A few other residents expressed concerns over the antics of this particular agency, so we're all gonna file a complaint. I guess one agent was harassing another neighbor for refusing to buzz in potential clients when the agent has been running late. There's also been concerns about another agent excessively peering into other units & encouraging potential clients to do the same. I think there's just a high level of unprofessionalism with these people.

    I really appreciate the peace of mind! My pets & I will go back to our usual routine of enjoying our patio & treating our little wildlife friends : )

  • I live in a 20-unit condo. I'd suggest having the board and/or your property manager contact both the rental agency and the owner of the unit, in writing. Our building had a problem with owners blindly buzzing in anyone who rang a bell, without checking to see who it was. It took a mom coming home with her toddler, and interrupting a burglar in her unit, to make everyone realize how dangerous that can be. That, and the 'peeping Tom' behavior, are inappropriate and unprofessional, IMHO. (Our board has since included the not-buzzing-in-random-people thing in our rules & regulations.)

  • Also, as an aside, you don't know that this agent has a right to be on the property. I would think that you'd be well within your rights to ask the agent for a copy of their agency agreement with the unit owner or something else to prove they have a right to be on the property. If they couldn't produce something in writing from the owner you'd be well within your rights to ask them (and their client) to leave the property. If they refused that could be seen as trespassing, and in that case its best to let the police sort the whole thing out.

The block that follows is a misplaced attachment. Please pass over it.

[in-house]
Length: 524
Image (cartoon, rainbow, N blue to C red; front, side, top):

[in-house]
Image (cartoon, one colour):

• Julia Z-N Andersonville Dog Mama

    Definitely report her to the owner of the unit and her boss at the rental agency. You are an owner and shouldn't have to take that BS from anyone. If she was just a local loony on the street I'd blow it off,but this is business and people in real estate need to be business people. Earning your commission is a process that involves courtesy.

  • This comment has been removed by EveryBlock staff because it contains inappropriate content.
  • john early ave resident for 10+ years

    Hi - I believe that although the bird feeder is not an issue, placing food on the ground may be since it can attract rats and other rodents. If I get a chance I will see if I can find the ordinance.

  • Reid Hyams X-Art Entertainment / Commercial Affiliated

    You can call the agent's managing broker at the real estate company to complain about his actions. The managing broker is the person who actually has the authority to tell him to back off.

  • I'm an agent and would never have even thought to speak to you that way!

  • Reid Hyams X-Art Entertainment / Commercial Affiliated

    I'm also a real estate agent and totally agree with Laura, which is why I told you to contact the agents managing broker.

  • As a longtime agent I am often amazed by the actions of some agents (a very small percentage) who think a license gives them a right to be demanding and invasive. Absolutely be firm on reporting this person immediately to those people and agency who have already been mentioned. I am sad to think a member of my profession was so blatantly obnoxious and unprofessional. I truly hope you get some satisfactory response to your complaint.

  • Rus

    When a guy like this wants to play hard ball with me (for no reason), I think of my potential response and repercussions.
    1) Do nothing and “hope” he calms down.
    2) Get his name (a good agent will already have given you his card by then). Even if you don’t have his name, ask to see his wallet card (a copy of his Real Estate license that he is required, by law, to carry while engaging in licensed activity). If he shows it to you, he’ll probably calm down real fast. If he doesn’t have one on his person, not in the office or in some file (that’s why they call it a wallet card), or refuses to show it to you, notify the Department of Professional Regulation (the department that is charged with policing Real Estate and other licensees), let them deal win this guy.
    Regarding complaining to the guy’s manager, don’t waste your time, professional regulation will do that for you, that’s what they do.

  • Reid Hyams X-Art Entertainment / Commercial Affiliated

    I think doing both is appropriate, complaining to his managing broker (you need an immediate cease & desist) and the IDPFR. Yes, ask for his agent pocket card as well.

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Posted to Rogers Park